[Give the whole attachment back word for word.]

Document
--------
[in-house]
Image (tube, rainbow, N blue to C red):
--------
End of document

[in-house]
Image (tube, rainbow, N blue to C red):